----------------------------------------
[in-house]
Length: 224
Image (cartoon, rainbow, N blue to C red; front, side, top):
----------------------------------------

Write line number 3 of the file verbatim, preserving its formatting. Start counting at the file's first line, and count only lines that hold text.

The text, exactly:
Image (cartoon, rainbow, N blue to C red; front, side, top):